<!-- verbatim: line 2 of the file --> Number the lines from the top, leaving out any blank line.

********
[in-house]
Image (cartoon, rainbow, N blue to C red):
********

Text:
Image (cartoon, rainbow, N blue to C red):